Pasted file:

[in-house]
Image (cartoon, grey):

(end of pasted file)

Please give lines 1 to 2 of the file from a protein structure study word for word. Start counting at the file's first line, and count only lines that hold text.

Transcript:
[in-house]
Image (cartoon, grey):